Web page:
Alcohol or no alcohol at BSC?
A restaurant management company that built the popular Stillwater Dairy Queen is proposing to bring a full scale restaurant to Bielenberg Sports Center.
Gartner Restaurant Holdings is in negotiations with the city of Woodbury to add the restaurant to the new facility's second level.
Greg Gartner and Bill Kulesa, owners of the company that started as a home-based business, said they would bring in a full-fledged kitchen upstairs with concessions and a snack bar on the first floor.
The duo estimates annual sales at $1 million with alcohol or $600,000 without a liquor license.
City staff will continue hammering out the details of the terms since the city will act as the landlord while the restaurant rents out the space and provides the food service.
The question that City Council will have to consider in a final vote is whether the restaurant should provide alcohol in a facility that mainly attracts youth sports groups.
"I'm not totally excited," Council Member Amy Scoggins said, noting that she understands the new remodeled facility will be more of a destination aimed to attract public events like conventions and trade shows, so she's undecided about her final vote.
"When I go to my son's soccer practice, I don't say 'Oh I'll sit and have a beer while my son is playing," she said.
Parks and Recreation Director Bob Klatt said many parents who attend baseball games at the outdoor fields of BSC are often seen bringing their own alcohol.
If the proposal is approved, it would not be the first in the state to have a full scale restaurant at a sports arena that hosts youth sports.
"The trend is going that way," he said, adding that Richfield, Vadnais Heights and Blaine have similar arrangements.
Mayor Mary Giuliani Stephens said the city doesn't have the resources to build a separate convention center or something exclusive to public gatherings.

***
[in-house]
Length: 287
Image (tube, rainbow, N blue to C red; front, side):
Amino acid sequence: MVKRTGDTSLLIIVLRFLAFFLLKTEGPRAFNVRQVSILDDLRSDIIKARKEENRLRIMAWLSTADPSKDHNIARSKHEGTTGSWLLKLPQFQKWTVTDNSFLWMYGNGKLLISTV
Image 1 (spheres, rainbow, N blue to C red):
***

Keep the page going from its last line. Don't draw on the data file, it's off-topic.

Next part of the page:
The new design of the BSC was approved under the auspices that it could attract events on a much larger scale than what the old field house could offer.
"It can't just be our athletic facility," Stephens said.
Having a restaurant at BSC does not restrict outside hosts from bringing in their own caterers to events, City Administrator Clint Gridley said, citing the agreement with Gartner.
"Any event could bring in any caterer," he said. "We do not want to restrict that as a city."
Because it is a public facility, the plan is to make the new design more open and inviting to any parent or member of the community who wants to hang out on the second floor while they wait for a hockey or soccer game to finish.
Which is why Council Member Julie Ohs wondered if the restaurant would take up the entire floor and make visitors feel unwelcomed if they just sat down without ordering anything.
"This is now way beyond food service," she said.
But Gartner said the new design calls for a railing that would separate the two areas, leaving open seating for the public outside of the restaurant.
"We don't want people to feel like they can't use that," he said. "It is public space."
Inspired by the Headwaters Bar and Restaurant at the Xcel Energy Center, Gartner said he would bring in a space resembling a Minnesota lodge, with a fireplace, open ceilings and wood beams throughout.
The city is considering a seven-year term with five-year renewal options, according to the proposal.
Rent would be based on the restaurant's sales - 12 percent in gross sales if alcohol is served and 10 percent if not.
Gartner Restaurant Holdings also operates Mara Mi Care and Store in Stillwater and the Chill Zone concessions in the St. Croix Valley Recreation Center.
The city received one other proposal and selected Gartner as the most suitable candidate.